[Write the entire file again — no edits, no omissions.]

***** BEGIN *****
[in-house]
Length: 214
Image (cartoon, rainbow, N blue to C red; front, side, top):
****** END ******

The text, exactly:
[in-house]
Length: 214
Image (cartoon, rainbow, N blue to C red; front, side, top):